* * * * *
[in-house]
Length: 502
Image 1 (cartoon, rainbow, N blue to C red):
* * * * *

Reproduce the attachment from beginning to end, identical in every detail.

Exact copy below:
[in-house]
Length: 502
Image 1 (cartoon, rainbow, N blue to C red):